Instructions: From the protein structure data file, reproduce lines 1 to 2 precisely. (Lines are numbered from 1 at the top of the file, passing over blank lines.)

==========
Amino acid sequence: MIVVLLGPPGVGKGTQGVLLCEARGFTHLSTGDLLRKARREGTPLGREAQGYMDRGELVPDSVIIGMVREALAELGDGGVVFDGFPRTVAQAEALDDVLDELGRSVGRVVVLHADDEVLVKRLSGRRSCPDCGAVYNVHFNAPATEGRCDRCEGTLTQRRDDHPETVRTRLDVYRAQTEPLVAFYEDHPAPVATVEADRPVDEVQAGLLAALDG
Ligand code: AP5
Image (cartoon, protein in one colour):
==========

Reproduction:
Amino acid sequence: MIVVLLGPPGVGKGTQGVLLCEARGFTHLSTGDLLRKARREGTPLGREAQGYMDRGELVPDSVIIGMVREALAELGDGGVVFDGFPRTVAQAEALDDVLDELGRSVGRVVVLHADDEVLVKRLSGRRSCPDCGAVYNVHFNAPATEGRCDRCEGTLTQRRDDHPETVRTRLDVYRAQTEPLVAFYEDHPAPVATVEADRPVDEVQAGLLAALDG
Ligand code: AP5